op Zappaiaanse wijze de story van Greenworld en Dr. Herman Green
plakt hier een tenorsax solo tegenaan als ware hij John Coltrane
in hoogsteigen persoon. Straffe gast. Overstreet brengt ons met
een zware overdrive gitaar terug naar deze zijde van de
In "Monkey Suit" trekt Overstreet nog meer laken naar zich toe
met zijn hyperkinetische chunk-funk overdriven gitaar en
pyrotechnisch-psychedelische solo in de jungle van apeland. Een
supersnelle solo die Van Halen achter zich laat. Dit alles
stevig ritmisch onderbouwd door superdrummer David Skypeck en
bassist-bandleader Richard Cushing.
Nog meer van Overstreet's, ditmaal donkere, gitaarwerk zit er in
"Simmer Down" een rock die net lijkt opgerezen uit de bayou. Een
dorische gitaarsolo glijdt als een roofzuchtige alligator door
de vettige wateren tussen de mangroves.
"Not Alone" is dan weer heel andere koek. Een etherisch geval,
een kwetsbare stem en een akoestische José Feliciano' gitaar,
begeleid door de cello van Richard Thomas in de lange intro,
gaat over in een Gilmouresque gitaarsolo in een Yes-achtig
muzikaal klimaat, door Cushing's sitar en een mijmerende trompet
van Dyce helemaal in de psychedelische sferen gekatapulteerd.
In het instrumentale "Spartacus" mag de achtenzeventig jarige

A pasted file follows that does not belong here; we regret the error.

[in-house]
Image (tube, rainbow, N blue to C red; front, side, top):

Dr. Herman Green zijn ding doen op de saxofoon. In de liner
notes van de CD worden parallellen getrokken met Miles Davis'
meesterwerk "Biches Brew". Daar kan ik mij bij aansluiten. Green
leeft zich helemaal in in de rol van Miles, zij het op saxofoon
in plaats van trompet. En Overstreet gaat Mahavishnu John
McLaughlin achterna. Green sluit af met een sax-fiff over een
batterij octavers. Schoon.
De bonustrack "Save Our Soul" is een Stax-soul oefening. Een
pamflet als het ware voor het behoud van de originele rhythm n'
blues. James Govan neemt hier de lead vocals waar, met een stem
die ons met weemoed aan Otis Redding herinnert. De B-3 is van
Rick Steff en Steve Dolan en Hope Clayburn blazen
respectievelijk op de trompet en de saxofoons. Real soulmusic.
Dit is één van de meest veelzijdige platen die ik de laatste
tijd hoorde, gebracht door rasmuzikanten die een heel scala aan
stijlen samensmelten tot simpelweg GOEIE MUZIEK. Moet
beluisterd worden met kritisch oor en zal niet door uw mand